decorative woolliness

We used one of the last evenings before shearing to take some late 15th century shepherding photos with all the sheep still in their full "garb". The day after tomorrow they will all look kind of sheepish with their fleeces gone ;-)

After collecting period ilustrations with women as shepherds (anybody who read "The wee free men" will know why I don't use "shepherdess"!) for a while, I thought it was high time to take pictures with my flock before going to an open air museum to "play" with the local sheep. After all, my woolly friends would be really upset with me, if I would only use foreign sheep as models ;-)

So here they are in their full decorative woolliness:

Two friendly new faces in the herd - Coburger Fuschsschaf x Wendsleydale Longwool lambs.

Gabrielle, the cuddliest of this years lambs. When she was born, she was so small we really feared she would not make it. But with a very strong will to survive and a charming personality she grew from a strange looking alien into a cute little sheep :-)

Glynn, the sheepdog of my friend Birgit also agreed to pose with me :

She's a real help when we have to herd in the sheep for health checks etc. They are very nice and come to us when we call them to get treats like dry bread - but they just know when we plan "something nasty" like controlling their feet or deworming...
Then Glynn saves the day with her fast paws and sheepsense.

And last, but really not least, another cuddly sheep: Dietrich von Bern. He's one of my rams (actually, not really mine...) and a big softie. He loves getting human attention - others leave, when all the bread has been munched, Dietrich stays and wants to be stroked. Walliser Schwarznasen (Blacknose sheep from swiss region Wallis) are generally very friendly, but I think he's something special. According to breeding standarts his big black spot on the left shoulder is not allowed, so he was originally due to meeting the butcher...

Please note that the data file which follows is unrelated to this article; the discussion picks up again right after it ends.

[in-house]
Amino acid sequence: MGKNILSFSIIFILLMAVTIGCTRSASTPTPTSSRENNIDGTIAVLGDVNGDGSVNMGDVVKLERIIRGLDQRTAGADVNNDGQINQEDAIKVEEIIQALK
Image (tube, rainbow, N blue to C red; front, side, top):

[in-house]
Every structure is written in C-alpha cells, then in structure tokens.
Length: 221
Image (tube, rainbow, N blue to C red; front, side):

But I was looking for a Walliser Schwarznasen ram as a present for my friend at the same time and so Birgit brought us together. Since then Dietrich is one of my favorites -  and he really was a success as a present, you should see Dietrich and Andi together!

Well, I think you really should, so I'll show you two more photos instead of one:


  1. Ohhh yes you'r right!

  2. Yes, they do look cute :-) At least fully dressed - now they all look really strange with their fluffy wool gone.

    It's a bit like butterflies the other way round: A cute sheep leaves its woolly cocoon behind to emerge as ... a rather skinny, ugly beast ;-)

  3. Love the waist bundle. I had wondered if the cross hatch pattern on many of the manuscripts might have represented a netting such as yours. Can you tell what you based the design off of?